Travel: The Isokon Building, London - where less is more

Dominic Kearney argues that The Isokon Building is a must-see for any visitor to London

The Isokon Building in London, a jewel hidden in plain sight, should be on your itinerary if you are visiting the city.
Dominic Kearney

THE best thing about London is there's so much to do. And that's the worst thing about London, too. It's overwhelming.

You either end up just reverting to the standard list – the Tower, the palace – or you try and pack too much in and spend hours trapped on the Underground. You might not get tired of London, but you can easily find yourself worn down by it.

It's worth, then, slimming down the itinerary, and looking past the usual tourist magnets. You'll spend less time getting to places and more time enjoying them, and just a little digging will reveal gems that most people never see.

One such gem is the Isokon Building, on Lawn Road, and it's a jewel hidden in plain sight, on a perfectly ordinary suburban street a couple of minutes' walk from Belsize Park Tube Station.

So unexpected is it among its neighbouring houses with their perfect gardens that it's easy to miss, but, once seen, its impact is immediate and lasting.

The Isokon Building is a block of flats, essentially, but it's so much more than that. Long, severe, its monolithic concrete reinforced frame gleaming white, its planes emphasised by the rounded curves of the stairways that access each of the four floors, with projecting balconies running its length, the Isokon remains daring and visionary.

At nearly 90 years old (it opened in 1934), it still belongs in the future, and feels so much younger and fresher than so many more recent designs.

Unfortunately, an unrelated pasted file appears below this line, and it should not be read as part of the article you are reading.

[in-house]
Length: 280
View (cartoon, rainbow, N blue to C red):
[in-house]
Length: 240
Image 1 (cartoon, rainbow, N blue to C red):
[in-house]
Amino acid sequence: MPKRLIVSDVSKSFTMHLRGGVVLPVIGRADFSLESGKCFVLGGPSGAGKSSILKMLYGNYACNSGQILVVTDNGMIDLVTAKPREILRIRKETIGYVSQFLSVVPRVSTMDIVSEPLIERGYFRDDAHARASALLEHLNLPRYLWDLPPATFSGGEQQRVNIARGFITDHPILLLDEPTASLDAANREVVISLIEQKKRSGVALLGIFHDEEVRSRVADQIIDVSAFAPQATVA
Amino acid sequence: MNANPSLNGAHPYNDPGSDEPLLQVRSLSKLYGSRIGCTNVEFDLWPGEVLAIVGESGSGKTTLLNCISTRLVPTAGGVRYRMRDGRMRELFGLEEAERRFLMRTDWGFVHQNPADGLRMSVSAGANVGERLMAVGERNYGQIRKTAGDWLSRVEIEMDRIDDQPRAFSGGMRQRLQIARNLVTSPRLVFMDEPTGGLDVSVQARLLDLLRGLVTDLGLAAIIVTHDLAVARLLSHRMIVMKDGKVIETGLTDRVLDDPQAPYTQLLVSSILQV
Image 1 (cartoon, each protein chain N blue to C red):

The building was the brainchild of Molly and Jack Pritchard, a couple who sought to break the conventional bonds of their English middle-class upbringing. They met at Cambridge University where Molly, later to practise psychiatry in Harley Street, was studying medicine and Jack engineering.

They married in 1924. Jack, working for the Estonian Venesta Plywood Company, travelled widely, becoming influenced by continental modernism, and he and Molly shared progressive ideas on matters such as education and communal living.

Acquiring the site on Lawn Road, they became dissatisfied with their original plans for the space. It wasn't until they met the Canadian architect, Wells Coates, that their hopes for the site took shape.

Coates had no formal architectural training, but he possessed a passion for design and a fascination for how the elements of design fitted with each other. Gaining commissions for small projects allowed him use the most modern of materials, such as plywood, in pared-down designs within minimal spaces.

It was this approach that drew the Pritchards to Coates. Like them, he was concerned with a planned future, and was able to answer Molly's questions regarding the way people wanted to live and the streamlined, minimalist, liberating framework needed to make living as pleasant as possible.

The Isokon Building was the result of the collaboration. Young, single, professional men and women were the target market, people looking for a sense of freedom, unhindered by too many possessions, free of domestic drudgery.

The flats – more than 30 in total – are still in use, and so cannot be viewed, but a museum within the building gives an insight into the ideas that shaped the Isokon and the furniture designs that emerged alongside it, as well as showing one of the original – tiny – kitchens.

As beautiful as the building itself is, much of its fascination comes from its occupants, especially those who lived there before and during the Second World War. Emigré design luminaries such as Walter Gropius and Marcel Breuer, novelists like Agatha Christie and Nicholas Monsarrat, and at least four Soviet spies.

The Isokon Building is an exciting, thrilling place to visit, a vision for living, dramatic and bold, and not without a sense of mystery and intrigue.

And conveniently close to 2 Willow Road, Erno Goldfinger's modernist home, now owned by the National Trust - another of London's treasures if you take the time to look beyond the standard fare.